Most important metrics for your website performance

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A website owner showing the most important metrics for your website performance directly on a laptop.

One of the goals of every website owner is to increase their website performance, especially if you consider commercial websites. Whether you are creating a new one or already have an existing website, there is a large number of factors you can follow. They can all be indicators of how good or bad your website is performing overall. However, it’s not always clear which of the factors has a more significant impact. That’s why it’s crucial first to understand how measuring works and what are the most important metrics for your website performance. Only then will you be able to identify the potential problems, work on improvement, and successfully monitor them in the future.

Measure your website performance with some of the most important metrics

Even though the ultimate ambition of the majority of websites is to generate revenue, their conversion process might be different. To choose the right metrics that will show the applicable success of your website, you need to understand the conversion process and set your goals. That way, you will be able to target the relevant ones instead of focusing on every metric you’ve heard about. And when working on your web and mobile app development, you will know exactly what to measure, why it’s essential, and how it affects their performance.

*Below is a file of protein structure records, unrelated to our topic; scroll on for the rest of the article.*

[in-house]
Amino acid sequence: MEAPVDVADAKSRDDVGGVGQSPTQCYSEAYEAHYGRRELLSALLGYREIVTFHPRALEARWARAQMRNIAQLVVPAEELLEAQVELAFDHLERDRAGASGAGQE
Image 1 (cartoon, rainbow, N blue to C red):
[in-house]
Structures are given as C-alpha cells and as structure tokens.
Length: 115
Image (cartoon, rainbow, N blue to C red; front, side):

To help you with this, here are some of the most important metrics to measure what is working and what is not:

  1. Traffic metrics
  2. Traffic source measuring
  3. Number of unique visitors
  4. Number of returning visitors
  5. Visitor engagement metrics
  6. Bounce rate
  7. Conversion metrics
  8. User-experience metrics
  1. Traffic metrics

Traffic is probably the most fundamental metric because everything starts with it. It represents the total number of visitors to your website, and without visitors, there is nothing else to measure. To attract more visitors, you will need great content. After that, it’s necessary to work on your link profile. It’s important to realize that natural links are crucial and probably the best links to improve your website’s relevance, authority, and link juice. Both content and links, coupled with other factors, will significantly increase website traffic. However, you need to pay attention to the increase in traffic over a more extended period. If it steadily grows over time, it’s a good sign that your website is performing well.

  1. Traffic source measuring